Review: Rock of Ages at Opera House theatre, Manchester

By Lucy Hilton

Built around classic rock songs of the 1980s, anyone who has seen a production of Rock of Ages (or, in fact, the 2012 film adaptation), knows exactly what the tone is.

Think 2019’s Met Gala, where the theme was Camp: Notes on Fashion, and you've got the gist.

The show opens with Just Like Paradise/Nothin’ But a Good Time to introduce our lead characters, but the show truly starts when Ross Dawes’ Dennis Dubris strolls on stage looking like an immaculate Woodstock version of Paul Hollywood.

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A young cast of classic rockers is all well and good, but the rasp of an older voice is what really makes it.

Anyone who’s familiar with the show will also know that it is steeped in satire; once you let go and embrace the comedy (the realisation usually comes when the child’s toy tractor is ridden on stage), then you can settle back in your seat.

The instantly recognisable stage singing voices are tinged with the grit of 80s rock, particularly when Luke Walsh’s Drew unleashes his ‘rock scream’ for the first time in I Wanna Rock.

(The Other Richard)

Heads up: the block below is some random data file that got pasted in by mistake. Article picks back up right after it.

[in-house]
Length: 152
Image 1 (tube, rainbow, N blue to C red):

But the madness takes a breather when Rhiannon Chesterman’s Sherrie takes the stage with More Than Words.

The crowd work from Joe Gash’s Lonny is also fantastic; it might take you a second to warm to the extravagance, but the minute he picks poor ‘Kirsty’ out of the front row to be his comedic target, we’re all hooked on the act.

The tinge of Moira Rose in his accent is beautifully niche, and will delight those familiar with Schitt’s Creek and those who aren’t.

(The Other Richard)

His solo in Here I Go Again, where he allows more of a raw voice to come out than the carefully crafted stage persona, is a real stand-out moment.

Of course, there is always one actor who does a very good job of stealing the show, and in this case it comes in the form of Jenny Fitzpatrick’s Justice, who struts onto the stage, hand on hip, and absolutely belts Shadows of the Night without batting an eye.

Another shout out to our stand-in Franz: Scott Hayward. Stepping into the shoes with ease, he brings the house down with Hit Me with Your Best Shot, and gets the biggest cheer of the night.

But the biggest laugh of the night came with Can’t Fight This Feeling, where Dennis and Lonny have the audience crying with laughter for so long that they crack up themselves trying to continue with the song.

It’s an undeniably fantastic soundtrack, and exactly what a rock musical should be: camp, crass, and charming.

And with a touching message delivered by Kevin Clifton (Jaxx) on the difficulty theatre has been through for the last year and half, theatre truly is back.

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